Module to track various relevant memory information during runtime.
The values tracked are inspired by the suggestions on the QT documentation.
Where it says:
The purpose of the Main Memory Test is to decide how often to run the Memory Monitor. The test involves reading certain values from /proc/meminfo and summing them to estimate the amount of main memory available. The values used are MemFree, Buffers, and Cached. When the sum of these values drops below a certain percentage of the main memory in the device (MemTotal), the timer that governs how often the Memory Monitor should run is reset with a short timeout interval so the Memory Monitor runs more often. Otherwise, the timer is reset with a long timeout interval so the Memory Monitor runs less often.
Note that the sum of the values of MemFree, Buffers, and Cached is not the amount of virtual memory that is actually available, i.e. it cannot be used to determine the memory state. In practice, the amount of memory available is much greater than this sum, because many of the memory pages consumed by a process are from code space, and a code space page can become free as soon as program execution leaves the page.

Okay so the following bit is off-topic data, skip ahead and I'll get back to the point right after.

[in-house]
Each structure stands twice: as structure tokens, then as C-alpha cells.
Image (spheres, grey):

The page fault test involves monitoring the number of major page faults that occur in each timeout interval (long or short), normalizing them, and averaging them over a specified number of timeout intervals (test cycle). A major page fault is one that cannot be satisfied by a page already loaded in main memory. It requires loading the requested page from secondary memory. We expect that an abnormally high average number of major page faults per test cycle implies that too many pages of main memory are occupied by data pages of too many processes. These processes are competing for the few remaining code space pages available, and page thrashing is the result. Since Linux processes cannot be forced to relinquish data pages they no longer need, an abnormally high average number of major page faults per test cycle is a reliable sign that the system is running low on memory.
The page fault test is run in three steps. Step one computes the number of major page faults that occurred during the last timeout interval. The data for this computation is read from the per process virtual memory status files in /proc. The number of page faults is then stored in a circular list that represents the last n timeout intervals, i.e. one test cycle. Step two computes the average number of page faults over all the entries in the test cycle.
Write the current memory status into the memfile.
Get a trackmem_file setting from the config script.
The trackmem file
Handle to the Lua script containing the configuration.